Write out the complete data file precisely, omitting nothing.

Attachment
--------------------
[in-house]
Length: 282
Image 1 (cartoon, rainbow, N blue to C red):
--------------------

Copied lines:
[in-house]
Length: 282
Image 1 (cartoon, rainbow, N blue to C red):